In response to the post, “A Reader Submits… School Dysfunction“, a reader writes.
“A school is only as fruitful as the administrative and instructional staff expects it to be. If one thinks of one’s school as “bad” or “nightmare” (terms I’ve never equated with any schools I’ve worked for) then it is the attitudes of those working that create such schools.
If however, one works at a LYS school, you truly know the benefits of working in an environment of interconnected / community support. The adults know how important their roles are in their students’ lives. This is a successful campus.
I’ve been lucky to work in schools that live the LYS philosophy and those schools have always prospered and always will. Now that LYS is at my latest school, I just know that wonderful things are going to happen, not only for the students but for the staff as well.”
Your first sentence is more powerful than I think you envisioned. In my work across the country, I have found that students do a masterful job of perfectly meeting adult expectations. Kids are kids; the critical variables are the adults. That is why you can have two Title I schools in essentially the same setting and one consistently adds value and one subtracts value. You and the original writer both hit the nail on the head; bad schools are created and perpetuated by adults. The more dysfunctional the school, the higher up the food chain the blame goes. The “nightmare” schools that were originally referenced may have poor teachers and bad administrators on site, but it is the Board that allows the situation to metastasize.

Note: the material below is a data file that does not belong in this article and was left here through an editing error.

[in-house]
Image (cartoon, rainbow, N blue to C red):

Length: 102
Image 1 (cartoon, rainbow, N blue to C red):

We also agree on another point, the fully actualized LYS school is a site to behold. But it does take time, sweat equity, trust and a few bumps and bruises. And your comment makes me smile because during the initial journey when the road is bumpiest there is often quite a bit of anger, disgust, animosity and raw emotions. The initial part of the journey is rarely fun. But then the first group of students achieves something unexpected and almost overnight all the negative feelings are forgotten.
You keep spreading your story and we’ll keep helping schools through the rough spots. Then sooner, rather than latter, the LYS school will be the norm rather than the exception.
Think. Work. Achieve.